Tour de France - Dormeo Summer of Sport

Tour de France - Dormeo Summer of Sport

The world’s top cyclists will be taking to the roads of France (and Denmark, Belgium and Switzerland?) for the annual Tour de France. Days of high intensity mental and physical stress that only some can deal with. The science in sport is becoming very specific to that sport, but there are many overlaps that we can all benefit from.

Anyone who has donned the Lycra will know how good it feels to crash into bed. But is there any proof cycling makes you sleep better? Or is it nothing but a placebo?

Researchers at the University of Georgia analysed the health habits of 8,000 men and women over a period of 35 years. They found that the participants who became less fit over time were more likely to suffer from poor, interrupted sleep.

Effect of Sleeping on Cycling

So, we know that exercise can have a positive affect on our sleep, but it usually works both ways – to perform better you also need good quality sleep. The reason for this mostly relates to the brain. Road cyclists need to be as mentally sharp as possible because there’s so much to focus on while out on the road. To perform at your best tactically and physically takes a lot of brain power, which a lack of sleep just doesn’t allow for.

While most would agree that they work less efficiently when tired, some might not be able to pinpoint exactly why this is.

When you’re tired, have you found yourself trying to do a simple task and then getting frustrated when you can’t do it? Researchers at Tel Aviv University found that your ability to regulate emotions and allocate necessary brain resources for objective cognitive processing can be affected by a lack of even a single night’s sleep. The amygdala – the area of the brain that controls emotions – becomes up to 60% more active than normal when we’re tired, causing mood swings and irritability.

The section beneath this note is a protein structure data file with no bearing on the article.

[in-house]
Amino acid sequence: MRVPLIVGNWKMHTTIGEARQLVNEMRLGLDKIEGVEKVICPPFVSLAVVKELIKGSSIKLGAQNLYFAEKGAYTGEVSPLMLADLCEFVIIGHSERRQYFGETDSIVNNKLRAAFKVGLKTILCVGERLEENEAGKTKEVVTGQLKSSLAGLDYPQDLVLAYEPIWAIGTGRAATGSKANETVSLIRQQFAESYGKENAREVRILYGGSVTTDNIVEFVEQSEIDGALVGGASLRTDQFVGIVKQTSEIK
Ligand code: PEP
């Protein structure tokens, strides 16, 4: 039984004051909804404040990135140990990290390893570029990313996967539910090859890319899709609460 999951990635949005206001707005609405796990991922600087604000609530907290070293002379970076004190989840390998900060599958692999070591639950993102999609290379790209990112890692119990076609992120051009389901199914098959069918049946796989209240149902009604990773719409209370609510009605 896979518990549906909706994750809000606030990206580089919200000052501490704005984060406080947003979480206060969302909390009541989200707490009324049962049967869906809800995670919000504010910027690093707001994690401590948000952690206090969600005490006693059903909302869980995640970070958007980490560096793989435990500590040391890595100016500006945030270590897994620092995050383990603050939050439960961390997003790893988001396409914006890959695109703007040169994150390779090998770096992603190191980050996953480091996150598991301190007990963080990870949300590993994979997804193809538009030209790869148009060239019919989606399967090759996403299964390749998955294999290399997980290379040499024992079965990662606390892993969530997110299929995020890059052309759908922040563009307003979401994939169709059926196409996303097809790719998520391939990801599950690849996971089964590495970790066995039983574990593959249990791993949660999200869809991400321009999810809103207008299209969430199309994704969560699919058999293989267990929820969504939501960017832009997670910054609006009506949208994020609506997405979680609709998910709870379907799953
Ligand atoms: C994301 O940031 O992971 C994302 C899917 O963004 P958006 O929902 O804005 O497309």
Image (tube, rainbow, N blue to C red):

Physically, those who are sleep deprived experience poorer storage of glycogen. Stored glucose (glycogen) is the main source of energy (or stamina) in athletes such as cyclists. Elite level cyclists like those on the Tour de France need to be able to store glucose as best they can to perform at the top level.

What to Watch out for

Signs that you don't have enough sleep are rather obvious, and you'll probably recognise them in your own routine:

  • Lethargic in attitude and body
  • Insomnia and/or restlessness
  • Rundown or depressed
  • More than average anxiety
  • Indecisive, irritable
  • Lack of concentration on simple tasks
  • Loss of appetite, weight loss
  • Getting sick, colds, flu etc

So, what can everyday cyclists do to make sure they get enough sleep to keep them in the saddle?

Warm Bath

Slipping into a nice, warm bath in the evening will not only relax your fatigued cycling muscles, it will make sure your evening is a lot more relaxing overall. A stressful evening can have a very negative effect on sleep. Who would have thought it?

Avoid Screens

Why not settle down with a good book instead? Watching TV or scrolling on your smartphone while in bed tells your brain it’s not time to sleep yet. The stimulation, as well as the light shining into your eyes, can cause disruption in your sleep patterns. Find out more here

Say No to Drugs

Avoid sleep drugs, unless prescribed by a doctor. Over-the-counter sleep medications can disturb the quality of your sleep and can make you feel lethargic the next day. Reduce alcohol and caffeine consumption - something not likely for cyclists when a cheeky Red Bull can be drunk.

Get Back in the Saddle

Cycling calms anxiety, and anxiety is a symptom that you may not be sleeping enough in the first place. The relationship to cycling and anxiety is the positive effect that cycling has on serotonin, which occurs naturally with cycling, and promotes healthy sleep.

Get your own yellow shirt and get on your bike to sleep better!

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